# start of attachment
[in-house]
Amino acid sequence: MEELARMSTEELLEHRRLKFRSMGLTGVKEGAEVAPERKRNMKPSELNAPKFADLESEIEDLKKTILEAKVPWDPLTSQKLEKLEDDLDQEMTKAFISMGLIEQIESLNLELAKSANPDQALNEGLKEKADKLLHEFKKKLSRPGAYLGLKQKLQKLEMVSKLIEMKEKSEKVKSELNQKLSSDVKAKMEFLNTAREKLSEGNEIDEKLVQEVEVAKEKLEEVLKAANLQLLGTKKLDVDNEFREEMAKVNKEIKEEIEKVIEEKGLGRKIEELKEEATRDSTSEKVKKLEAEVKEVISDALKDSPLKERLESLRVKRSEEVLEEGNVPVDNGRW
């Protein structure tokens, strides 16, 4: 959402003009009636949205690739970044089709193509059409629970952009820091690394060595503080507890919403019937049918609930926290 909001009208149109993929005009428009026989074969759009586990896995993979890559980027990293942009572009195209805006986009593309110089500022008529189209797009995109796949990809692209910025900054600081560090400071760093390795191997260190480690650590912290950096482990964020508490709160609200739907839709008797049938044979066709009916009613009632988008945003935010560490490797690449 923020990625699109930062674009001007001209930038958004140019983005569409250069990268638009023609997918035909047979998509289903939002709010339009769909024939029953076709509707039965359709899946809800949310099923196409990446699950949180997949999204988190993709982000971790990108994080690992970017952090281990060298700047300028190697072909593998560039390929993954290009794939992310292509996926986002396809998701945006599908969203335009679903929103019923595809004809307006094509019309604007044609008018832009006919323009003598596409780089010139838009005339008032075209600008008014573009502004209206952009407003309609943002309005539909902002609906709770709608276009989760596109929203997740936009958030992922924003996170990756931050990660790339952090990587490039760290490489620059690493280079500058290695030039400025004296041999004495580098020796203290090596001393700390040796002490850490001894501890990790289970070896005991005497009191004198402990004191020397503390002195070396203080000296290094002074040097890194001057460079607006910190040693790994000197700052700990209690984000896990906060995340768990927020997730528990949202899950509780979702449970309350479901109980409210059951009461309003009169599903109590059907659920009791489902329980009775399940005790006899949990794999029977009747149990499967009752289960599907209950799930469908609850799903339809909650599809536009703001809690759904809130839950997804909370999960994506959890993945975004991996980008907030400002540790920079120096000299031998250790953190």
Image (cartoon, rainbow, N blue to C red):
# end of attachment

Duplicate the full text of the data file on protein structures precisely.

[in-house]
Amino acid sequence: MEELARMSTEELLEHRRLKFRSMGLTGVKEGAEVAPERKRNMKPSELNAPKFADLESEIEDLKKTILEAKVPWDPLTSQKLEKLEDDLDQEMTKAFISMGLIEQIESLNLELAKSANPDQALNEGLKEKADKLLHEFKKKLSRPGAYLGLKQKLQKLEMVSKLIEMKEKSEKVKSELNQKLSSDVKAKMEFLNTAREKLSEGNEIDEKLVQEVEVAKEKLEEVLKAANLQLLGTKKLDVDNEFREEMAKVNKEIKEEIEKVIEEKGLGRKIEELKEEATRDSTSEKVKKLEAEVKEVISDALKDSPLKERLESLRVKRSEEVLEEGNVPVDNGRW
């Protein structure tokens, strides 16, 4: 959402003009009636949205690739970044089709193509059409629970952009820091690394060595503080507890919403019937049918609930926290 909001009208149109993929005009428009026989074969759009586990896995993979890559980027990293942009572009195209805006986009593309110089500022008529189209797009995109796949990809692209910025900054600081560090400071760093390795191997260190480690650590912290950096482990964020508490709160609200739907839709008797049938044979066709009916009613009632988008945003935010560490490797690449 923020990625699109930062674009001007001209930038958004140019983005569409250069990268638009023609997918035909047979998509289903939002709010339009769909024939029953076709509707039965359709899946809800949310099923196409990446699950949180997949999204988190993709982000971790990108994080690992970017952090281990060298700047300028190697072909593998560039390929993954290009794939992310292509996926986002396809998701945006599908969203335009679903929103019923595809004809307006094509019309604007044609008018832009006919323009003598596409780089010139838009005339008032075209600008008014573009502004209206952009407003309609943002309005539909902002609906709770709608276009989760596109929203997740936009958030992922924003996170990756931050990660790339952090990587490039760290490489620059690493280079500058290695030039400025004296041999004495580098020796203290090596001393700390040796002490850490001894501890990790289970070896005991005497009191004198402990004191020397503390002195070396203080000296290094002074040097890194001057460079607006910190040693790994000197700052700990209690984000896990906060995340768990927020997730528990949202899950509780979702449970309350479901109980409210059951009461309003009169599903109590059907659920009791489902329980009775399940005790006899949990794999029977009747149990499967009752289960599907209950799930469908609850799903339809909650599809536009703001809690759904809130839950997804909370999960994506959890993945975004991996980008907030400002540790920079120096000299031998250790953190």
Image (cartoon, rainbow, N blue to C red):